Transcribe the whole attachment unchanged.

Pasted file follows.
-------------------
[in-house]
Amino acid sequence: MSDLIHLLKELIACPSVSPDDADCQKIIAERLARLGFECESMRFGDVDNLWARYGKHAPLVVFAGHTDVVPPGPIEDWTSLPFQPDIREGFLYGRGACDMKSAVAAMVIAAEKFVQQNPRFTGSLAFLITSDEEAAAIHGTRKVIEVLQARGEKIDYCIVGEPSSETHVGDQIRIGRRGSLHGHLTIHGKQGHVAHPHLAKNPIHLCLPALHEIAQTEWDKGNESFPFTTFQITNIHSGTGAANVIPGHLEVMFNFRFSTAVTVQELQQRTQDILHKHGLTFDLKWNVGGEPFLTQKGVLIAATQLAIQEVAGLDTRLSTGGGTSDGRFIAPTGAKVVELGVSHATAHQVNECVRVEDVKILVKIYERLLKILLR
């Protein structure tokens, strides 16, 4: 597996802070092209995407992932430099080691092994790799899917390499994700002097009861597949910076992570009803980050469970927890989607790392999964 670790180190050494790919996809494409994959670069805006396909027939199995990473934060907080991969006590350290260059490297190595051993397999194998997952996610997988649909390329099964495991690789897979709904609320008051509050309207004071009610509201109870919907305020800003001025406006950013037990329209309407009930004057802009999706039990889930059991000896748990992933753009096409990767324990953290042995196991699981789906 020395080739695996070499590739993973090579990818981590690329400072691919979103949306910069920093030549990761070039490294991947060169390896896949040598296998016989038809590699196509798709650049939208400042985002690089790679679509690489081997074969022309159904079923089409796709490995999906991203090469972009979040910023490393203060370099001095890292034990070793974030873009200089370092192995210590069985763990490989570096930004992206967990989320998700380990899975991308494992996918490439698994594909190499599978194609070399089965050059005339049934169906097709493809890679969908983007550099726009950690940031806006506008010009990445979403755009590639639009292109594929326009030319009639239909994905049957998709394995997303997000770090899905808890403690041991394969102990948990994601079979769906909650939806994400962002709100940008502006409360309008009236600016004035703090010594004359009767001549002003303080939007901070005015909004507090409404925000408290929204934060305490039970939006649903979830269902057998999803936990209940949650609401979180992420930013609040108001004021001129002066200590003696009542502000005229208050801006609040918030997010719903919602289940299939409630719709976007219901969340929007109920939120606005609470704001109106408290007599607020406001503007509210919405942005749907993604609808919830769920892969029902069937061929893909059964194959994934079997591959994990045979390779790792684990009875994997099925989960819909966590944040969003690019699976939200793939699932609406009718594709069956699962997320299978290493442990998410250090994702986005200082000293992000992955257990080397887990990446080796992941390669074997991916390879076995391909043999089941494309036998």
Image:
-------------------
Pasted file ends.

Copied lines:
[in-house]
Amino acid sequence: MSDLIHLLKELIACPSVSPDDADCQKIIAERLARLGFECESMRFGDVDNLWARYGKHAPLVVFAGHTDVVPPGPIEDWTSLPFQPDIREGFLYGRGACDMKSAVAAMVIAAEKFVQQNPRFTGSLAFLITSDEEAAAIHGTRKVIEVLQARGEKIDYCIVGEPSSETHVGDQIRIGRRGSLHGHLTIHGKQGHVAHPHLAKNPIHLCLPALHEIAQTEWDKGNESFPFTTFQITNIHSGTGAANVIPGHLEVMFNFRFSTAVTVQELQQRTQDILHKHGLTFDLKWNVGGEPFLTQKGVLIAATQLAIQEVAGLDTRLSTGGGTSDGRFIAPTGAKVVELGVSHATAHQVNECVRVEDVKILVKIYERLLKILLR
């Protein structure tokens, strides 16, 4: 597996802070092209995407992932430099080691092994790799899917390499994700002097009861597949910076992570009803980050469970927890989607790392999964 670790180190050494790919996809494409994959670069805006396909027939199995990473934060907080991969006590350290260059490297190595051993397999194998997952996610997988649909390329099964495991690789897979709904609320008051509050309207004071009610509201109870919907305020800003001025406006950013037990329209309407009930004057802009999706039990889930059991000896748990992933753009096409990767324990953290042995196991699981789906 020395080739695996070499590739993973090579990818981590690329400072691919979103949306910069920093030549990761070039490294991947060169390896896949040598296998016989038809590699196509798709650049939208400042985002690089790679679509690489081997074969022309159904079923089409796709490995999906991203090469972009979040910023490393203060370099001095890292034990070793974030873009200089370092192995210590069985763990490989570096930004992206967990989320998700380990899975991308494992996918490439698994594909190499599978194609070399089965050059005339049934169906097709493809890679969908983007550099726009950690940031806006506008010009990445979403755009590639639009292109594929326009030319009639239909994905049957998709394995997303997000770090899905808890403690041991394969102990948990994601079979769906909650939806994400962002709100940008502006409360309008009236600016004035703090010594004359009767001549002003303080939007901070005015909004507090409404925000408290929204934060305490039970939006649903979830269902057998999803936990209940949650609401979180992420930013609040108001004021001129002066200590003696009542502000005229208050801006609040918030997010719903919602289940299939409630719709976007219901969340929007109920939120606005609470704001109106408290007599607020406001503007509210919405942005749907993604609808919830769920892969029902069937061929893909059964194959994934079997591959994990045979390779790792684990009875994997099925989960819909966590944040969003690019699976939200793939699932609406009718594709069956699962997320299978290493442990998410250090994702986005200082000293992000992955257990080397887990990446080796992941390669074997991916390879076995391909043999089941494309036998």
Image: